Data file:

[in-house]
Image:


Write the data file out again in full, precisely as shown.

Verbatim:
[in-house]
Image: